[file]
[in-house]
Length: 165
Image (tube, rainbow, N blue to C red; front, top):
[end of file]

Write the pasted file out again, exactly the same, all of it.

[in-house]
Length: 165
Image (tube, rainbow, N blue to C red; front, top):